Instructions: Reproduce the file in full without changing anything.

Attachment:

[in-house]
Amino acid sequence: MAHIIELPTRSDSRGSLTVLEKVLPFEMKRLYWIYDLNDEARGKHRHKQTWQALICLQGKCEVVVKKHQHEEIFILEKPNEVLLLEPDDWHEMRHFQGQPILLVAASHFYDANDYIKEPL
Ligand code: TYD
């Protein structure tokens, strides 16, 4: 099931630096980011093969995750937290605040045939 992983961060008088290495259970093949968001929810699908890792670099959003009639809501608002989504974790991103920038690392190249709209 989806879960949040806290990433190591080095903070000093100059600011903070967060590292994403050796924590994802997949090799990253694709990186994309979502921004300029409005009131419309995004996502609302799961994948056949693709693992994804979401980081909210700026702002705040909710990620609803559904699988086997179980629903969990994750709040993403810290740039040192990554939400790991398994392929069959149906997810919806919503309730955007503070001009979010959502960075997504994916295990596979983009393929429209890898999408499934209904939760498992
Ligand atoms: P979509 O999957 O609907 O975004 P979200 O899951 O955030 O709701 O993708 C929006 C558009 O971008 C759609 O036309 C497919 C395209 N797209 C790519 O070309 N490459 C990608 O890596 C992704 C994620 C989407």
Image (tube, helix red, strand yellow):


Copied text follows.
[in-house]
Amino acid sequence: MAHIIELPTRSDSRGSLTVLEKVLPFEMKRLYWIYDLNDEARGKHRHKQTWQALICLQGKCEVVVKKHQHEEIFILEKPNEVLLLEPDDWHEMRHFQGQPILLVAASHFYDANDYIKEPL
Ligand code: TYD
């Protein structure tokens, strides 16, 4: 099931630096980011093969995750937290605040045939 992983961060008088290495259970093949968001929810699908890792670099959003009639809501608002989504974790991103920038690392190249709209 989806879960949040806290990433190591080095903070000093100059600011903070967060590292994403050796924590994802997949090799990253694709990186994309979502921004300029409005009131419309995004996502609302799961994948056949693709693992994804979401980081909210700026702002705040909710990620609803559904699988086997179980629903969990994750709040993403810290740039040192990554939400790991398994392929069959149906997810919806919503309730955007503070001009979010959502960075997504994916295990596979983009393929429209890898999408499934209904939760498992
Ligand atoms: P979509 O999957 O609907 O975004 P979200 O899951 O955030 O709701 O993708 C929006 C558009 O971008 C759609 O036309 C497919 C395209 N797209 C790519 O070309 N490459 C990608 O890596 C992704 C994620 C989407």
Image (tube, helix red, strand yellow):